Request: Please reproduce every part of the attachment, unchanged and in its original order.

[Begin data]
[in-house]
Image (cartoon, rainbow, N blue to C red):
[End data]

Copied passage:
[in-house]
Image (cartoon, rainbow, N blue to C red):